Clydesdale’s 129th Summer Regatta – A commentator’s perspective

Well, having set-up the PA system for more than a few years it was a pleasure not be drenched with rain and blown over by a fierce-some wind although it was a little cool. This in itself wasn’t too bad a thing as it made for good rowing conditions and the little wind there was, it was coming from the east, so a tail wind to be thankful for!

The major change to this year’s regatta was the shortened course due to the demolition works at Polmadie Bridge that had restricted rowing on the Clyde to a measly 1500m stretch with two formidable bends. So to allow a marshaling area the race distance was reduced to 1000m, or if you were unfortunate to be a Vet increased from 500m. Oh to make life easy for the worthy group of umpires, without whom the regatta wouldn’t run.

Since all racing was to finish at Clydesdale then this called for a staggered start to account for the bend at the Kings Bridge, and this would play a major part in the day’s racing. It was determined (apparently by an architect so there may be some dubiety regarding the techniques used, have you ever seen a house that’s fits together perfectly?) that the north bank would have an approximate 2 lengths start and that both competitors would need to use the centre arch to ensure a fair race over the correct distance.

As racing commenced it was apparent that the competitive spirit of a number of competitor’s seek to take advantage by using the South arch only to be spotted by the eagle eyed umpires situated at the East Boathouse, home of GUBC, SUBC and Glasgow Schools. This saw the said competitors continue to charge down to the finish only to find themselves disqualified resulting in much gnashing of teeth and various gesticulations, all to no avail.

The bend at the East Boathouse provided much of the entertainment for the day with crews over shooting the turn and losing considerable advantage to their opposition, which would then inevitably lead to the same crew heading right over to the south bank on the home handing even more of an advantage. Conversely the north bank crew would hold too tight a line on the buoys as they came round the corner and transgress into their opponent’s water much to the displeasure of the umpires and a small number of crews were disqualified for going over the said buoys.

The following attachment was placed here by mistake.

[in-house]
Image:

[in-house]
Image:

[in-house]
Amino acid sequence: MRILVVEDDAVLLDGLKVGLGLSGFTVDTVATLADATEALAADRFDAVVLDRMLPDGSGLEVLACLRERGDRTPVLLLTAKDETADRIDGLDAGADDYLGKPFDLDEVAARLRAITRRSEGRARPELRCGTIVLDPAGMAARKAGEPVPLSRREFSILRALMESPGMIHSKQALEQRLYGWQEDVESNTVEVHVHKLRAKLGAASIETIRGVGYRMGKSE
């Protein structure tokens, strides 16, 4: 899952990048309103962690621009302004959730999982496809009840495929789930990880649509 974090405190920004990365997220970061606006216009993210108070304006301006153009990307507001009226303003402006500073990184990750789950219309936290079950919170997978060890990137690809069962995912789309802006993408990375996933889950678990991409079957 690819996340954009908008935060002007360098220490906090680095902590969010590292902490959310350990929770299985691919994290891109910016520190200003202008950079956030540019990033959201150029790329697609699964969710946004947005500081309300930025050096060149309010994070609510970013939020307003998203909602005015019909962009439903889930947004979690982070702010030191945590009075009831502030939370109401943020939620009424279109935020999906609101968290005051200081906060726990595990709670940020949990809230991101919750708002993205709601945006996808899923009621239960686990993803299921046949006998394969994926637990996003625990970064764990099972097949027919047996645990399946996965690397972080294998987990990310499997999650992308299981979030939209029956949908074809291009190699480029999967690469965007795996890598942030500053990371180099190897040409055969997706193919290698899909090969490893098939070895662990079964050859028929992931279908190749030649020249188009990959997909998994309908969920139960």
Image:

Once race in particular seemed to capture all of the above misdemeanors, the final of the J18 single sculls between two boys from Glasgow Schools. The south bank sculler nipped through the south arch and the north bank sculler crossed the buoys but both boys were so engaged in the race they didn’t hear the umpires and charged down the river much to the amusement of those who knew they had transgressed. Much radio communication took place about who did what first and whether there had been sufficient distance for the disqualification to be disallowed, however common sense prevailed and the race was re-run without incidence and the same result was achieved for the South Bank.

There was some exceptional racing throughout the day, most notably the mixed quads and the R1 coxed fours. It was lucky that the finish alignment box was in place otherwise a photo-finish would have been necessary, the crews where that close.

It was a grand day on the Clyde, a well organised regatta in great conditions with a wide range of clubs winning wonderful etched whisky glasses. The MacNaughton’s of Clydesdale would be the most pleased as they won a full set between Daughter and Dad, with them also winning together in the Vet Coxed fours.  Obviously with Kirstie at cox as Alastair wouldn’t fit in the bow loader!

Ken Diamond


Note from regatta organiser: A huge thankyou to everyone who helped out before and on the day, it was a great team effort – c’mon the dale!

This entry was posted in Uncategorized. Bookmark the permalink.